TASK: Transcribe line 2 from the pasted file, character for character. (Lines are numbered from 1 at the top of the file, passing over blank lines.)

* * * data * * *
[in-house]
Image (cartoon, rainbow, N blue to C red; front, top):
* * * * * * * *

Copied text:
Image (cartoon, rainbow, N blue to C red; front, top):